Staffer urges confrontation of depression

It’s October, mid afternoon. It’s sunny out. The kind of day that mocks you because it seems like the rest of the world is perfectly happy and you’re just the one rain cloud in an otherwise clear and sunny sky.

I keep the window shade shut. I still haven’t gotten out of bed. I don’t want to deal with the world today; I want to sleep. Forever.

It was another night of lying awake, thinking of all the possible ways to simply stop existing. I probably think about this too much.

Most suicidal people just pick a method and that’s that. But of course I have to over-complicate the simplest thing in the world. I mean shooting my self in the head isn’t that complicated.

I’ve been close to doing so three times already.

It would be easy; just point and shoot. Like taking a picture, except I wouldn’t see the result, but someone would. And then there’s the poor person who would get stuck cleaning up my mess.

I hate having people worry and fuss over me. If it was possible to clean up my own blood splatter and brains—that would be ideal.

Sadly, that’s not physically possible. Maybe I’ll just drive off of a cliff or speed into a median on a deserted highway. That sounds better. People could come up with their own explanation for what happened if they aren’t comfortable with suicide.

That seems like the most polite option. Then again …

This has been my thought process off and on for the last four years.  

Up until now, only a handful of people knew about my struggles with depression and suicidal thoughts.

My family still isn’t aware and I never sought professional help like I should have. This was mostly because I didn’t know what to tell them. I wasn’t sure exactly why I was so depressed in the first place.

To this day I have trouble explaining what was the driving force behind these thoughts. I simply just did not want to live anymore.

I saw no point or positive impact my existence was having on the world, so why continue imposing? I guess you could say I felt useless, like a waste of space.

A friend, with whom I felt comfortable talking to about it, encouraged me to talk to a professional. I never did. I saw this as a weakness I had to deal with on my own.

Other people have problems; they didn’t need to listen to mine as well.

The negative stigma attached to depression and suicide also made the notion of seeking help uncomfortable.

So I continued wrestling with these thoughts and trying my best to keep my monsters at bay.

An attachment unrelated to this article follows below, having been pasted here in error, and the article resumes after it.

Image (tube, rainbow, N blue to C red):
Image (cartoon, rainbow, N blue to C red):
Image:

It sucked.

Every day I would wake up wishing that I hadn’t and have to try to convince the world that everything was OK: I just wasn’t getting enough sleep at night.

It always worked though; no one ever noticed anything was wrong.

Now you may be thinking, “Shouldn’t someone have noticed or seen the signs?”

The thing is, the “signs” aren’t always that noticeable.

I tried my hardest to pretend that I wasn’t depressed or constantly thinking of ways to end myself, and no one suspected otherwise.

This process continued for years. Then one day after a long night of crying about how lost I felt, I made the conscious decision that if I wasn’t going to get help then I had better start trying to help myself because I wasn’t sure how much longer I could hold on.

So that’s what I did, as best as I could. I spent my days and nights listening to Stick to Your Guns, A Day to Remember and The Wonder Years, because those bands gave me more hope that things would get better than anything else.

I went to local shows because they made me forget, even if for only a few hours, how much I dreaded life.

I wore my ‘To Write Love On Her Arms’ tank top more than any other shirt I own as a constant reminder that there is hope even though I didn’t feel it (TWLOHA is a nonprofit organization dedicated to raising awareness about depression, addiction, self-injury and suicide).

I continued to talk to my friends about my struggles, despite how difficult it was for me to do at times.

Slowly, I got better. My sky went from black to gray and then, over time, blue again.

The invisible ropes that were slowly suffocating me were gone. I felt happy again without reason for the first time in years.

I haven’t felt depressed in months.

Now here I am. It’s February, 3:30 a.m. and I’m telling you about the darkest time in my life.

I would like to be clear about why I decided to write this column. I don’t want attention or sympathy or anything like that.

As I said before, I hate when people worry about me. My goal with writing this is to let those of you out there who are dealing with depression or considering suicide to know that you are not alone and there is always hope.

The more people I told my story to, the more I realized that I wasn’t the only one feeling this way. A few of those people had also go through similar situations are one point or another in their lives.

Issues like depression or suicide can, without a doubt, be uncomfortable and difficult to talk about, but not talking about it does not make that pain go away.

If you, or someone you know, is dealing with depression or suicidal thoughts, please encourage them to seek professional help.

You can call Hopeline at 1-800-SUICIDE (784-2433), or visit their website There is also a counseling service on campus located in Hearnes Hall, or call 417- 625-9324.

You are not alone, there is always hope.